This is the final module in this eBook and is designed to be the testing module that enables you to assess exactly what has been learned as you have worked through the program. However, given what has been discussed in previous modules in regards thinking outside the box and tailoring spelling plans to suit the requirements and specifications of your individual students, the tests here are absolutely nothing like those you usually use to assess spelling ability. There is a very good reason for this: “Lists, especially standardized lists, are an ineffective way to study spelling and are a waste of time.” (Suarez & Suarez, 2006, p. 235).
Suarez and Suarez are completely correct in their assessment of the standard testing process in place. Children are encouraged to learn lists of words before promptly forgetting them after the test is completed (Harris & Turkington, 2000, p. 41). This does absolutely nothing for their confidence or their ability and can lead to problems a little later in their academic careers. Despite that though, tests and assessments are essential if you are to gage an individual child’s ability to spell. You need to know where they are struggling, what areas require a little more work and whether or not the individual child needs a higher or lower level of teaching to continue to make progress and improve:
|Justification for testing lies in what you do with the results. If the test was diagnostic and helped to clarify areas of strength and weakness in the pupil, enabling you to plan a more effective teaching programme, then the time and cost are surely well spent, but if the test was purely to measure one child against another then its value is open to question. (Wearmouth, Soler & Reid, 2002, p. 347)|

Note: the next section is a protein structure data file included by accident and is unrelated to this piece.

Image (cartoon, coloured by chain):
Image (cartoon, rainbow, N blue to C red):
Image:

As such, it is essential that you seek an alternative testing method and this is what this module offers. The Look, Think, Cover, Write, Check method is advocated here based on solid academic research and the incredible results that it produces. Commonly used in schools, it is a fantastically simple exercise for those people who can memorise the way a word looks and sounds before spelling it out. The several steps are easy to follow and use but each one is vital in establishing where an individual child is in his or her education.
The technique does have its critics:
|The critics suggest that it relies too much on rote memorisation of letter sequences without at the same time, encouraging a speller to attend to phonic cues within the word. Cooke (1997) says that LCWC does not make full use of the alphabetic nature of the English writing system, not the role of phonology in spelling both regular and irregular words. (Westwood, 2008, p. 80)|
As a result, it might not be suitable for use in relation to classroom exercises, but it is an effective way of ensuring that children learn their designated words without forgetting them as they would if they were asked to learn standardised lists rather than personalised lists for testing purposes.
Your Lesson Plan
Before you look at the lesson plan, please note that it is necessary to introduce children to the method before testing takes place or else you may get false results. If a child is not used to a specific method of testing then it can lead to confusion and wrong answers that would normally be correct had an introduction been made before. As such, this module should be taught over at least two lessons, with the first being an exercise lesson and the second being a testing lesson.
Content – Lesson One – Look, Think, Cover, Write, Check introduction and exercises. Lesson Two – Recap and assessment
Goals & Objectives – To obtain an insight into what you student has learned throughout the previous five models with a view to determining where any weaknesses lie and whether or not any modules need to be taught again.